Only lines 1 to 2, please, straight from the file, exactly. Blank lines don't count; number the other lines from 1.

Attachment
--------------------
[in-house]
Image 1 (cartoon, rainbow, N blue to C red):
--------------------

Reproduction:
[in-house]
Image 1 (cartoon, rainbow, N blue to C red):